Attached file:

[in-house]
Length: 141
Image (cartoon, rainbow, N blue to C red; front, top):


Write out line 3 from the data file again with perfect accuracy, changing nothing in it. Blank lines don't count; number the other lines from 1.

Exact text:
Image (cartoon, rainbow, N blue to C red; front, top):